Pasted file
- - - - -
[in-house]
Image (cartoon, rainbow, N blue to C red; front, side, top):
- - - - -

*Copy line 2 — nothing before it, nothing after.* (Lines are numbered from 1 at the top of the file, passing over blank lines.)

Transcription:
Image (cartoon, rainbow, N blue to C red; front, side, top):